KURTZ: Correspondents and pundits sometimes go out on a limb during a presidential campaign, and thanks to the magic of videotape, we can relive some of those less than stellar moments.

(BEGIN VIDEOTAPE)

KURTZ (voice-over): Remember when the media's coverage of the Democratic primaries was all about...

BROKAW: Howard Dean.

RATHER: Howard Dean.

UNIDENTIFIED MALE: Howard Dean.

KURTZ: And the question on everyone's lips was... MARK SHIELDS, CNN: Can anyone stop the Dean machine?

KURTZ: And lots of smart journalists were diagnosing the Vermont doctor as the inevitable Democratic nominee.

BRIT HUME, FOX NEWS: It begins to look as if it's almost impossible to see a way that he loses at the moment.

KURTZ: And eating Dean's dust before the Iowa caucuses was John Kerry, which prompted me to ask Slate's William Saletan this question.

(on camera): You wrote a piece this week about Kerry. Can this candidate be saved? Isn't it, shall we say, ridiculously early to be digging Kerry's grave.

WILLIAM SALETAN, SLATE MAGAZINE: Well, I don't think so, in the sense that Kerry hasn't shown anything.

KURTZ (voice-over): The day before the caucuses, I wondered if the press would turn on the also-rans.

(on camera): If Edwards or Kerry, for example, finishes a weak third or even fourth, is the press just going to declare them losers and are reporters going to stick microphones in their face every day and say, Senator, when are you going to drop out of the race?

(voice-over): I might have picked a better hypothetical example, since Kerry won the caucuses and Edwards finished second.

The real crunch time came this past week when it was time to predict the next president, as Margaret Carlson did on "CAPITAL GANG."

MARGARET CARLSON, CNN'S CAPITAL GANG: I have Kerry 274, Bush 264. And my switch from red to blue is Ohio.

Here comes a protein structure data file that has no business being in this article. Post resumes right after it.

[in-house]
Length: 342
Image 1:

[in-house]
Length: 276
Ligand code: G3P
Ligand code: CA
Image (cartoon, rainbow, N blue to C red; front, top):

AL HUNT, WALL STREET JOURNAL: I gave John Kerry 279 electoral votes. He wins the popular vote by two points.

KURTZ: They had plenty of company.

ANDREA MITCHELL, MSNBC: There are some people suggesting it is going to be way off the charts, 122 million people or even higher. And if that's the case, Democrats and Republicans agree it is a John Kerry vote.

KURTZ: Turnout was 122 million, but Kerry lost anyway.

Also picking Kerry, "The New Republic's" Ryan Lizza, the Wonkette, Ana Marie Cox. Even conservative commentator Tucker Carlson.

ANDERSON COOPER, CNN ANCHOR: So you think John Kerry is going to win?

TUCKER CARLSON, CO-HOST, "CROSSFIRE": I just think he has a profound advantage, because of the intensity of his followers. DICK CHENEY, VICE PRESIDENT OF THE UNITED STATES: Ladies and gentlemen, I give you the president of the United States.

KURTZ: Ouch. But don't despair, prognosticators of America, there's always...

DICK MORRIS, FOX NEWS CONTRIBUTOR: Hillary is going to run for the president in 2008.

(END VIDEOTAPE)

KURTZ: 2008. It's starting already.

Just ahead, the blame game. Which candidate said the press should take the heat for his loss?

(COMMERCIAL BREAK)

KURTZ: Losing candidates usually make nice on election night, but not Alan Keyes. The Maryland Republican turned Illinois Senate candidate didn't congratulate Democrat Barack Obama, saying that would have been a false gesture. And he had another opponent in mind when he thanked his supporters.

(BEGIN VIDEO CLIP)

ALAN KEYES (R), FORMER ILLINOIS SENATE CANDIDATE: Working by the thousands against all the odds, against all the lies and fabrications of the media, against every word of discouragement, they moved forward.

(END VIDEO CLIP)

KURTZ: He's lost the race by 43 points.

That's it for RELIABLE SOURCES. "LATE EDITION" with Wolf Blitzer begins right now.